The horrible David Horsey recently posted a cartoon about tipping that is nothing but stupid. We can closely match the type who might see in Horsey's "Seattle's Tipping Epidemic" a deep or legitimate general reading with one who believes they are having sex with another person but are instead fucking a rocking chair. (Admittedly, I stole the final image in that long sentence from some story or essay by Vladmir Nabokov—and I'm certain the Russian's chair did not rock.) Then there is Danny Westneat. Not too long ago, he became the Jimmy McMillan of tipping. But the latter's famous declaration, "Rent Is Too Damn High!," was justified and, despite its directness, had real depth. Westneat's "Help! Tipping in Seattle has become a psychological minefield," remained at the surface of a very complicated issue.
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And this is why my conversation with the co-owner of Good Weather Bicycle & Tailwind Cafe, Brandon Waterman, is informative. It explains a good part of the tipping system in fresh detail. What the interview makes clear is that when the owners of this small Chophouse Row shop and cafe decided to replace tips with high wages, they subjected the issue to the kind of consideration or analysis you will not find in the Seattle Times and much of Reddit.
The fact that, for example, credit card companies benefit from tips by adding extra processing fees was completely unknown to me. And nor was the raw wage unfairness caused by low-tip shifts and high-tip ones. Living wages make all shifts the same. But the real question, and one you will not find in a cartoon with a nose-ringed Zer demanding unjustified tips from a boomer, is this: Why don't we pay everyone wages that match the costs of living? The tipping discussion, if it is to have any kind of depth, must become one that sees the practice not as essential (Horsey, Westneat, and the like) but as phenomenal. To lock your thinking in the latter leads to the kind of politics that ultimately solves nothing. This is your war on drugs, in the first version and 2.0 version. It's easy for a politician to deal only at the level of appearances and avoid, at all costs, the structural.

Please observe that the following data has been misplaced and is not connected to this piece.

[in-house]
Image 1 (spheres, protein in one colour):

And this brings me to an economist whose moment in history is found at the end of the 19th century, Alfred Marshall. He was by no means on the left. He was center-right. But his way of thinking had enough intelligence to result in the only answer capitalism had to post-World War I socialism, Keynesianism, which, in substance, comes down to just one thing: expand consumer demand. This directive required higher wages. But before getting into all of that (which is in my other posts and will be in future posts), back to Marshall. Let's close with this passage from his masterpiece Principles of Economics (1890): "...[I]n economics, neither those effects of known causes, nor those causes of known effects which are most patent, are generally the most important: 'that which is not seen" is often better worth studying than that which is seen."